Foreign Correspondence: Great fishing at the tail end of America

Cameron Chambers, 33, a native of Helena, Mont., lives in Seattle. He is the author of “Chasing Rumor: A Season Fly Fishing in Patagonia,” published this spring (Patagonia, $13.75).

Q: How do fishing skills in the Pacific Northwest translate to a book about fly-fishing in southern South America?

A: I always tell old/new fishermen the same thing: The best fisherman is the person having the most fun doing it. I enjoy being on the river. My casting, fly-tieing, ability to read the water, assess where trout are possibly lying. ... It’s all pretty good but the most important thing is enjoying it. I do a pretty good job of that, for the most part.

Q: Why Patagonia?

A: It’s a place still really shrouded in mystery – a place where we’ve gotten a lot of pictures and video of very large trout and large, wide-open rivers with no people on them. But not a lot of facts. There are only two guidebooks on the area. It’s hard to find information on the Internet, so my book deals with the idea of creating your own adventure on such a grand landscape – and that’s getting rare as people become more global.

Q: What’s the lay of the land?

Patagonia is essentially the southern third of Argentina and Chile – both sides of the AndesMountains. A lot resembles Montana, Wyoming and Idaho. As you get over the Andes the Chilean side, it’s more wet, more like Washington, Oregon or northwest California. On the Chilean side, you have fast-moving rivers with a lot of whitewater, but also pockets of pools for fish. In Argentina, as you travel east from the Andes range, the land flattens into broad plains with clear, free-running rivers.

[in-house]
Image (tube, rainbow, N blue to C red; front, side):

It’s a huge landscape, as large as the western United States.

Q: When were you down there?

My first trip was in 2006, when I was a guide in Chile; that set up the 2008 trip – which this book is really about.

On the first trip, I had gotten a taste of what I had missing by being stuck in one central location. I was stuck living in a tiny town in Chile for five months; I talked to area guides, and in bars to fishermen passing through. I started keeping a journal of places I could go. I heard rumors, and my second trip was chasing those rumors.

Q: Is fishing there different from North America?

A: By and large its similar to what you’re going to get across U.S. A large reason for that is that the industry down there is really nurtured by Americans and American guides. Argentine lodge owners initially brought U.S. guides down because of their of skill set and language skills: Their businesses were geared to an American and European clientele.

Also, there are North American trout planted down there.

The popular northern Patagonian rivers are close to little towns with a selection of restaurants, hotels and bed-and-breakfasts. Stay there when you’re fishing the rivers. In central Patagonia, the towns are more spreadout, and what they have is more limited. It’s expedition-style fishing, where you plan on being away from town for two to four days.

Patagonia has hot, dry summers and cool, wet winters. The season opener is typically the first weekend in November; it continues through May. The best time is November, early December and early March, when the water starts cooling down again.

Q: Are the fishing flies similar to those used here?

A: Yes – things like caddis flys, types of grasshoppers and crickets for the most part.

Local tie-ers are definitely using same materials and tying patterns. Obviously, there are some variations.

Q: What’s the biggest fish you caught in Patagonia?

A: Probably around the 12-pound mark, a brown trout taken where the Limay River comes out of a lake. It’s one of the hallowed spots for Argentine fly fishing.

Q: Is a fishing trip there expensive?

A: No. Obviously, you’re looking at a pretty significant airfare to get down there, but once you’re down there the costs are maybe 60 to 70 percent for comparable services in the U.S.